At age 49, James Polk was younger than any previous president when he entered the White House. A workaholic, America’s new chief executive set an ambitious agenda with four major goals: cut tariffs, reestablish an independent U.S. Treasury, secure the Oregon Territory and acquire the territories of California and New Mexico from Mexico. Polk eventually achieved all his goals. He was a champion of manifest destiny–the belief that the United States was fated to expand across the North American continent–and by the end of his four years in office, the nation extended, for the first time, from the Atlantic Ocean to the Pacific Ocean.
In 1845, the United States completed its annexation of Texas, which became the 28th state on December 29. This move led to a breakdown in diplomatic relations with Mexico (from which Texas had revolted in 1836). After the United States sent troops to a disputed border region around the Rio Grande River, the Mexican-American War (1846-48) broke out. The United States won the two-year battle, and as a result, Mexico relinquished its claims to Texas. It also recognized the Rio Grande as America’s southern border and, in exchange for $15 million, ceded the land that makes up all or parts of present-day California, Arizona, Colorado, Nevada, New Mexico, Utah and Wyoming. (Despite the U.S. victory, the war proved controversial and reignited the slavery extension debate that would ultimately result in the American Civil War in the 1860s.)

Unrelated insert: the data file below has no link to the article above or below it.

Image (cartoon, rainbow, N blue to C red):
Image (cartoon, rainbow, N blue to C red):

With the Oregon Treaty of 1846, Polk managed another significant land acquisition–this time without going to war–when his administration diplomatically settled a border dispute with the British and gained full control of the present-day states of Washington, Oregon and Idaho, as well as parts of Montana and Wyoming.
On the domestic front, Polk reduced tariffs in an effort to stimulate trade and created an independent U.S. Treasury. (Federal funds had previously been deposited in private or state banks.) Also during this time, the U.S. Naval Academy, Smithsonian Institution and Department of Interior were each established, and in addition to Texas, two more states–Iowa (1846) and Wisconsin (1848)–joined the Union.